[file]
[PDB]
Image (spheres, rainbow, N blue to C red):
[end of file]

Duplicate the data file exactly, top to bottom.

[PDB]
Image (spheres, rainbow, N blue to C red):